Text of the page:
We've been talking to a lot of universities about using Drupal to power some of their websites, and we've learned a lot of about the kinds of challenges and specific needs that Universities and Colleges have on the web. As we've been developing specific strategies for these clients, we've also noticed several overarching themes. So rather than keep this to ourselves, we thought we'd share some of these observations in the forum of suggestions for universities that are considering Drupal.
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Online advocacy techniques have evolved in sophistication over the years, but not in structure. From using geographic data to locate groups and events in your area to signing petitions and making pledges using Twitter, we have seen a great evolution. Nonetheless, we continue to operate in a very top-down manner: messages are generated at the organizational level and then pushed down to grassroots activists, who are asked to take action.
When you are building an online community, one of your important jobs is to remove obstacles for users to sign up to create accounts. Drupal's user registration form, out of the box, is one of the simplest forms out there, and maybe that is why it is also one of the easiest things to overlook when building a site. By the time profile fields are added in, captchas are placed on the page, and other components have had their way with the fields that become part of it, the form can get rather messy and detract from the user experience.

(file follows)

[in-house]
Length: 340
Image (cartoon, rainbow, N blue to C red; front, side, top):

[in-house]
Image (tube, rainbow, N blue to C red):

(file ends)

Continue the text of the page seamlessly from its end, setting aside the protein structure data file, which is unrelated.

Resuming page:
Sharing some video of a the Drupal Interface module that I've been working on here at Trellon. With our new site up, I can devote more time to this project.
Coder Tough Love is a companion to the existing Coder module by Doug Green, and its initial development has been sponsored by Trellon. Unlike Coder, which strives to follow the documented style guidelines of Drupal core, Coder Tough Love takes the tougher tactic of applying finely aged and obsessively anal wisdom from years of Drupal development and persnickety quality control.
One of Trellon's current projects is a site called "Untamed Science," which is designed to be a reference, accessible and useful to all ages, on subjects related to biology and ecology. While the site is still in progress, we wanted to break in and talk about the way we're using the Taxonomy module to organize content on the site.
Drupalcamp Chicago is coming up this weekend, October 24 & 25 at the University of Illinois, Chicago. Over 140 Drupal programmers and themers are going to be holding sessions on Drupal topics ranging from getting started with the platform to advanced Drupal 6 techniques with new modules. There are going to be some heavyweights in attendance - the registration list includes eaton, KarenS, Matt Butcher, and other big names in the Drupal community.